I remember the day that I heard on CBC radio that in Churchill, Manitoba, it was -51 Celsius (that’s about -60 Farenheit) with the windchill factored in. It reminded me of all the crazy times I’ve had in Churchill. I even found myself thinking … Hah! -51C is nothing! I’ve been dogsledding in Churchill when it was -66C! (I’ve never been so cold in all my life!) And the morning I was leaving that frozen land of wonders, it was -80C! One of the things to know about Churchill is that the weather can be severe.
The interesting thing is that Churchill gets its warmth from the wonderful people who live and make their lives there. The Webber family is exemplary of that. Helen Webber was born in Churchill. Her grandfather was originally from Manitoba’s Interlake and moved to Churchill in the 1930’s to open a general store. Helen’s husband, Doug, (originally from Alberta) had come to Churchill with the armed forces. He met the love of his life and never left.
Together, the Webbers have raised a large family and expanded their business empire to include several wilderness lodges and a line of cookbooks. I first wrote about the Webbers back in 1998, after my first trip to Churchill. I’ve since been to Churchill six times thanks to the good folks at Travel Manitoba and have written many stories about it, but I think it’s time for a return visit!
Polar bears love the cold!
things to know about Churchill
Churchill is home to the most southerly population of polar bears on the planet. It truly is an awe-inspiring moment to see one (or more!) in the wild. Visit: http://www.travelwithachallenge.com/Polar_Bear.htm
for a story I wrote about my polar bear adventure at the Polar Bear Lodge at Dymond Lake run by the Webber’s daughter, Jeanne Reimer and her husband, Mike. The Reimers are a dynamic couple who also run Seal River Lodge where you can have some amazing beluga encounters in the summer.
Yes, Churchill does get summer. And even warm ones! On my first trip there (August/98,) it was actually over 30 degrees Celsius. Those travelling with me had not brought warm weather clothing and were sweating in the heat.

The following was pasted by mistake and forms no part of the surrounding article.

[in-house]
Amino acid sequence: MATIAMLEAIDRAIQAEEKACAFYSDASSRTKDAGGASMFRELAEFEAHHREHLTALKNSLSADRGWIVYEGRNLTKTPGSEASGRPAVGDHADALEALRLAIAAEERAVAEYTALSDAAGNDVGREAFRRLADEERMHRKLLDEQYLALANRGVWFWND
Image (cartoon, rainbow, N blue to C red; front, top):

So let that be a lesson to you. Bring clothing to cover at least three seasons on any trip to Churchill. I was there once on July 1st for annual the Polar Bear Dip in Hudson Bay. It was 34 degrees Celsius when I’d left Winnipeg the day before. It was snowing the next day in Churchill! Thank goodness, the very hospitable Dawn Daudrich (co-owner of the Lazy Bear Lodge) gave me a parka to wear. Dawn is another transplanted Churchillian. She met her husband, Wally, at a bible camp in the US and followed him to Churchill to raise their family and build their business.
Originally from southern Manitoba, Wally Daudrich used to be a tour guide in Churchill and gave me my first introduction to the tundra. He is now a successful entrepreneur and the proud owner of the solid wood lodge that he dutifully built log by log (amazing feat for a place with no trees to speak of.) Find Wally and Dawn at: http://www.lazybearlodge.com.
Do drop in on them if you make it up to Churchill. The hospitality is well worth the trip.
My closing thought brings me full circle to my dogsledding trip in Churchill, when even with five layers of clothing, I was colder than one could imagine. Gratefully, our dogsled master (I’m quite certain his name was Robert MacDonald) gave me his caribou hide gloves to wear to keep my hands warm. And the friendships I have made in Churchill have continued to bring warmth to my heart.